You’ve likely seen this small tool used in everything from witchcraft to traditional medicine and pondered, what is a mortar and pestle? A mortar and pestle is a relatively simple and ancient tool for crushing and grinding ingredients into a powder or fine paste. Mortar and pestles will vary by material, size, and purpose, but the majority of the ones used in spell jars or other witch-related activities will fall under kitchen mortar and pestles.
If you’re planning to use a mortar and pestle for rituals and spells as well as in the kitchen, it’s recommended that you purchase one for each use. Not handling the cleaning properly of a kitchen mortar and pestle may ruin the spell or ritual you’re working on through cross-contamination.
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What Is a Mortar and Pestle?
A mortar and pestle combine two simple tools, a bowl and a small club, into a simple grinding or milling tool. It’s been used for everything from everyday kitchen use to grinding up medicine in labs or pharmacies. You’ll even find its usage in the occult when it comes to rituals and spells.
What Are a Mortar and Pestle Made of?
Traditionally, a mortar and pestle is made out of stone, ceramic, or wood. Though you’ll now find mortar and pestles made of granite, marble, or even steel. Depending on what you’re looking to use the mortar and pestle for will other determine what type of mortar and pestle you should buy.
For instance, those looking to use a mortar and pestle in their kitchen will want to stick with granite, wood, or stone. While those looking for pill crushes may want to use a steel, marble, or ceramic option. Though there are no hard guidelines when it comes to this, so use the type of mortar and pestle you connect with the best.
Are all mortar and pestles the same?
While not all mortar and pestles look the same, they can all serve the same function. Thanks to the simplicity of the mortar and pestle combination, many regions and cultures have their own version of the mortar and pestle.
For example, the Mexican molcajete has a different base, consisting of three legs rather than one large pedestal base, and has a wider mouth that’s traditionally made of basalt. While the Japanese Suribachi is often made of ceramic and looks closer to an everyday eating bowl, with a large mouth and thin walls.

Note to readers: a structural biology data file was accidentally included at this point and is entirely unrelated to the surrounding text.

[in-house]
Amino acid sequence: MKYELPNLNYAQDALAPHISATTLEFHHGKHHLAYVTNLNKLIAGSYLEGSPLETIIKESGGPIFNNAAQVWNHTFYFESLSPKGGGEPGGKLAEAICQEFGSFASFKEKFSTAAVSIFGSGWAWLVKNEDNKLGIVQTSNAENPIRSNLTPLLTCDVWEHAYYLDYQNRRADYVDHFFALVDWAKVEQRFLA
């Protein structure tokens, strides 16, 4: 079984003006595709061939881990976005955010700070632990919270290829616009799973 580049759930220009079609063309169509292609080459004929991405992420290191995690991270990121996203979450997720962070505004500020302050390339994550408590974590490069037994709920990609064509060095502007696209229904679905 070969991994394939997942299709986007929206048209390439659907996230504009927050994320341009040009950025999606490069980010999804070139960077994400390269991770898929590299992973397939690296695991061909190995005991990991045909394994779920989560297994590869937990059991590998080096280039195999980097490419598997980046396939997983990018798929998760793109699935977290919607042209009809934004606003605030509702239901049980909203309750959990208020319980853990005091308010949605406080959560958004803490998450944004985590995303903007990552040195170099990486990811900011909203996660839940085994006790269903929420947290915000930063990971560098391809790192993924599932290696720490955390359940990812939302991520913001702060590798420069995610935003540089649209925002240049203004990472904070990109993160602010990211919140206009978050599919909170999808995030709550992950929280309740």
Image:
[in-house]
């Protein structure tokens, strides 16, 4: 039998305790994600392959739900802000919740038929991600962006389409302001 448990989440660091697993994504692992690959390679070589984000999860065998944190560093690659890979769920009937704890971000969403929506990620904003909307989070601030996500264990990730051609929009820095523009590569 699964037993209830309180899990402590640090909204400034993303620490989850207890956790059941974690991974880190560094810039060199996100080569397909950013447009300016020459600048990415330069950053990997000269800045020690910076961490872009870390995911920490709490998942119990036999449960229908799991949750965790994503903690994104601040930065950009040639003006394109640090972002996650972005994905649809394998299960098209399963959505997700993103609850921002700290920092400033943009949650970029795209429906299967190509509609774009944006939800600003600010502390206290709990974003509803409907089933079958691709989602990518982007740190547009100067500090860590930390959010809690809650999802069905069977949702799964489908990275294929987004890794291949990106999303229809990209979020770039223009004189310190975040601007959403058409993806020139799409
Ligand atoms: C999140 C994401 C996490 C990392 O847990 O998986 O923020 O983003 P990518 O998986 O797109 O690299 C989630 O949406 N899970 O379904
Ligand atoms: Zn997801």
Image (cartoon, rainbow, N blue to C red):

When Would You Use a Mortar and Pestle?
There are multiple reasons why you’d use a mortar and pestle, ranging from grinding up herbs for a spell jar recipe to simply wanting to make your favorite guacamole dish. With that being said, this is an ancient tool, so it’s going to be simple to use but requires a great deal of effort.
When using a mortar and pestle, it’s best to make this the last step of the process, as you’re likely going to be a little tired after using it. Alternatively, you can make this the first step when prepping ingredients if the rest of the items don’t require a lot of effort.
How Do You Use a Mortar and Pestle?
To use a mortar and pestle, you’re going to place the ingredients in the mortar (which is the bowl portion), and use the pestle (the club-like tool) to mash and turn the ingredients into the desired textured.
You’ll likely have to adjust your grip on the pestle between overhand and underhand throughout the grinding process. Make sure to always hold the mortar with the other hand to prevent it from moving, even if it comes with a nonslip base.
How Is a Mortar and Pestle Used in Spells and Rituals?
In rituals and spells, a mortar and pestle may be used for grinding down herbs to place in a spell jar, potion, or medicine. Those who use animal bones in their rituals and spells will also find using a mortar and pestle is an excellent option for grinding them down into a fine powder.
Which is the mortar and which is the pestle?
The bowl is the mortar portion and the club-like tool is the pestle.
Why is it called a mortar and pestle?
The term mortar and pestle have their roots in the Latin language and loosely translates to “using a pounder in a place for pounding”. Though it’s important to keep in mind that it’s a rough translation from Latin into English.
Other countries have more straightforward meanings though. The Japanese Suribachi has a more literal meaning, “grinding bowl”. And the Mexican Molcajete has a rough translation into “seasoning bowl”.
Is a pestle and mortar worth it?
When it comes to grinding down herbs or other ingredients for spells and rituals, a pestle and mortar are absolutely worth it. However, in the kitchen, it might be a little more worth it to simply use a blender. That is unless you’re going for a deep, seasoned taste for your food.